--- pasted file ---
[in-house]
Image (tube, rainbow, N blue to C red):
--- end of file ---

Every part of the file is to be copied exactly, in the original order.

[in-house]
Image (tube, rainbow, N blue to C red):